Many Newly Purchased Guns Have Design Flaws and Manufacturing Defects

For Release: Tuesday, March 30, 2021

New VPC Study Describes Safety Threat to Gun Owners and the General Public

Washington, DC — As gun sales have increased over the past 12 months, few new gun buyers are aware that the firearm they’ve purchased may be dangerously defective or lack proven safety features (such as an indicator that shows whether the gun is loaded). A new study from the Violence Policy Center (VPC), Misfire: The Gun Industry’s Lack of Accountability for Defective Firearms, details the prevalence of defective guns sold in the United States and describes the failure of government oversight in addressing this longstanding public safety issue.

Warning that there are millions of defective guns in America, the study details the real-world impact of the little-known fact that the gun industry is the only manufacturer of a consumer product that is entirely exempt from federal health and safety regulation. As a result of this unique exemption: there is no independent premarket testing of guns for safety purposes; no federal agency collects information about gun defects or requires manufacturers to report on the safety complaints they receive from customers; and, no agency can require a gun manufacturer to recall even the most plainly defective guns to repair or replace them.

VPC Research Fellow and study author Gary Klein states, “‘Buyer beware.’ Although guns are probably the most inherently dangerous product available to consumers, they are the least regulated for safety. The firearms industry has been playing Russian Roulette with gun owners’ lives for decades, and it’s not just gun owners themselves who are at risk. Often the victims of preventable gun accidents are family members, children who find guns, or other members of the public.”

In addition to manufacturing defects (for example, when a gun is prone to go off when it’s dropped, or fires without a trigger pull), gunmakers often fail to incorporate known and proven safety features to protect against unintentional firing and resultant injury. These include: a loaded chamber indicator (showing a gun user whether the gun is loaded); an external manual safety (a safety device that prevents the gun from firing unintentionally and from being fired accidentally by small children); or a magazine disconnect (which stops the gun from firing when the ammunition magazine is removed).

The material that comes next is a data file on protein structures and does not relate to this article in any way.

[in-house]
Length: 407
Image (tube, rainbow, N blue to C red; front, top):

The study offers details on three recent examples that affect millions of guns: Taurus pistols, Remington rifles, and Glock pistols (including incidents in which gun owners have been killed or injured by these defects). The study contains links to scores of examples of recent notices of potential deadly safety hazards issued by more than two dozen gun manufacturers.

The gun industry consistently blames the victims for the foreseeable accidents caused by defects in its products. For example, the gun industry trade organization the National Shooting Sports Foundation (NSSF), simplistically states, “If everyone handled a firearm so carefully that the muzzle never pointed at something they didn’t intend to shoot, there would be virtually no firearms accidents. It’s as simple as that, and it’s up to you.”

The study details how, when compared to recalls mandated by government agencies for other consumer products like toasters and ladders, recall notices from gun manufacturers often are inconsistent about the level of warning and severity of potential injury they convey. Typically, they undermine their safety messages with caveats and exculpatory language. Some “safety notices” issued by manufacturers: convey a warning rather than an effective remedy; are issued long after a problem becomes known; and, are inadequately publicized.

In its summary, the study enumerates the consequences resulting from the gun industry’s exemption from federal regulatory safety oversight. These include:

• no manufacturing standards for guns;

• no requirements that guns have basic safety features;

• no independent pre-market testing requirements to assure that gun designs meet basic safety requirements;

• no central entity to which consumers can make reports about defects;

• no agency empowered to obtain or receive information, known to manufacturers, about consumer complaints;

• no agency to require a recall when public safety is at issue;

• unsupervised recalls that are not advertised according to best practices;

• no central repository for gun owners to determine if their guns have known safety problems; and,

• no way to punish manufacturers that don’t play by the rules.

The study concludes, “Guns are inherently dangerous consumer products and should be subject to the same product safety oversight as other products. Congress should vest comprehensive oversight authority in an agency with expertise in firearms and the firearms industry.”

For online and PDF versions of the study, please visit https://vpc.org/misfire/.

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The Violence Policy Center is a national educational organization working to stop gun death and injury. Follow the VPC on Twitter and Facebook.

Media Contact:
Sally Martinelli
(202) 822-8200 x104
smartinelli@vpc.org